That’s the assessment of a report Friday from BloombergNEF, which hosts its annual summit in New York next week.
“The pace of wind and solar isn’t going fast enough to meet the 2035 target,” BNEF analyst Tom Rowlands-Rees said during an interview. “But even if it was, there would also have to be contributions from new technologies like batteries, carbon-capture and storage, nuclear or hydrogen.”
BNEF’s forecast is based on the current trajectory of wind and solar development, taking into account existing policies. Even if Biden convinces Congress to extend clean-energy tax credits for another decade, it’s unlikely to lead to a carbon-free grid by 2035.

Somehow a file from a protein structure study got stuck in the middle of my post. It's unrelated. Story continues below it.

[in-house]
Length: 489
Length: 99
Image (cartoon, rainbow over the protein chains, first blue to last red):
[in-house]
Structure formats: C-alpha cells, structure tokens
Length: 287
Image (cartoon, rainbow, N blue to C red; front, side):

The report comes as the White House considers a pledge to slash greenhouse-gas emissions by 50% or more by the end of the decade. A target of that magnitude would nearly double the nation’s previous commitment, effectively requiring drastic changes in power, transportation and other sectors.
But committing to “economy-wide emissions reductions won’t change the composition of the Senate,” which dims the chances of policies needed to hit those goals, said Rowlands-Rees.
Between 2021 and 2030, BNEF forecasts 204 gigawatts of utility-scale solar installations and 83 gigawatts of small-scale photovoltaic additions across the U.S. It also projects the country will add 115 gigawatts of wind power over that period.
BNEF’s virtual conference on April 13 and 14 will examine what Biden will do for energy, ahead of the unveiling of the administration’s emissions-reduction goal. Schedled speakers include White House National Climate Advisor Gina McCarthy and Energy Secretary Jennifer Granholm.